Monday, September 01, 2008

Bike Training

When a young mom takes her toddlers and pre-schoolers for a walk, the mom does not get exercise. She is taking the kids on a walk for the good of the children -- their fresh air and exercise and intellectual stimulation.

When an older mom takes her 13-yr-old kid on a daily bike ride, that likewise is not going to do any good for the mother's exercise and health. It is a time for the child to be out, getting fresh air and sun and exercise, and learning to transport herself from one place to another.

When I was learning to ride a 10-speed bike, I lived in the flatlands of Illinois. There wasn't really a need for different gears on my bike. But it seemed easy enough to learn to operate them: when it was too hard to pedal, simply lower the gear. When I explained this to Maggie, we thought she understood. But as we rode back and forth to chapel this week, it became clear that she didn't really understand. When I told her to "lower the gear" she didn't know if that meant going to a bigger or littler number. So all week I hollered at her as we were going up the hill, "Go down a number,... go down to #5 now, ... down another number," and then repeat the instructions in reverse when we got to the top of the hill.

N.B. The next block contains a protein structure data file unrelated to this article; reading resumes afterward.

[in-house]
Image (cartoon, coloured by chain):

I'm also seeing that bicyclists who do not drive cars/trucks need a lot more instruction in defensive driving/biking and in rules of the road -- especially when the bicyclist isn't yet old enough to anticipate possible problems arising (like a vehicle coming around a blind corner) and how to respond. I'm going on the theory that riding beside Maggie and repeatedly telling her what to do and how to do it will "teach" her --if not how to be careful on her own-- at least how to follow instructions.

At least she has learned this week (I think!) which corners and which directions to turn so as to find her way home from church or the library.

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